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Proceedings Paper

Carbon dioxide, oxygen, and pH detection in animal adipose tissue by means of extracorporeal microdialysis
Author(s): F. Baldini; A. Bizzarri; M. Cajlakovic; F. Feichtner; L. Gianesello; A. Giannetti; G. Gori; C. Konrad; A. A. Mencaglia; E. Mori; V. Pavoni; A. M. Perna; C. Trono
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Paper Abstract

Atypical physiological symptoms can be developed in healthy people under critically ill conditions. pH, pO2 and pCO2 are informative indicators of the conditions of a living system and can be valuable in determining the physiologic status of the critically ill patients. The continuous monitoring of these small molecules into the interstitial fluid (ISF) is a promising approach to reduce diagnostic blood loss and painful stress associated with blood sampling. Microdialysis is the approach followed for the extraction of the sample from the subcutaneous adipose tissue; the drawn interstitial fluid flows through a microfluidic circuit formed by the microdialysis catheter in series with a glass capillary on the internal wall of which the appropriate chemistry for sensing is immobilised. Absorption changes for pH sensor and modulation of the fluorescence lifetime for pO2 and pCO2 are the working principle. Phenol red covalently bound into the internal wall of a glass capillary by means of the Mannich reaction and platinum(II) tetrakis-pentafluorophenyl-porphyrine entrapped within a polymerised polystyrene layer are the chemical transducers used for pH and oxygen detection; the ion pair 8- hydroxypyrene-1,3,6-trisulfonic acid trisodium salt/ tetraoctylammonium hydroxide, dissolved in a silicon-based polymeric matrix, is used for the carbon dioxide detection. A suitable hemorrhagic shock model was developed in order to validate clinically the developed sensors in the condition of extreme stress and the obtained results show that the adipose tissue can become an alternative site for the continuous oitoring of pH, pO2 and pCO2.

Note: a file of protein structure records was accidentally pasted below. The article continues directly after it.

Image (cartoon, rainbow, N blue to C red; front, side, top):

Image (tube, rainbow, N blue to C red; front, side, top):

Paper Details

Date Published: 31 May 2007
PDF: 7 pages
Proc. SPIE 6585, Optical Sensing Technology and Applications, 658510 (31 May 2007); doi: 10.1117/12.723276
Show Author Affiliations
F. Baldini, Institute for Applied Physics, CNR (Italy)
A. Bizzarri, Joanneum Research (Austria)
M. Cajlakovic, Joanneum Research (Austria)
F. Feichtner, Joanneum Research (Austria)
L. Gianesello, Univ. of Florence (Italy)
A. Giannetti, Institute for Applied Physics, CNR (Italy)
G. Gori, Univ. of Florence (Italy)
C. Konrad, Joanneum Research (Austria)
A. A. Mencaglia, Institute for Applied Physics, CNR (Italy)
E. Mori, Univ. of Florence (Italy)
V. Pavoni, Univ. of Florence (Italy)
A. M. Perna, Univ. of Florence (Italy)
C. Trono, Institute for Applied Physics, CNR (Italy)

Published in SPIE Proceedings Vol. 6585:
Optical Sensing Technology and Applications
Francesco Baldini; Jiri Homola; Robert A. Lieberman; Miroslav Miler, Editor(s)

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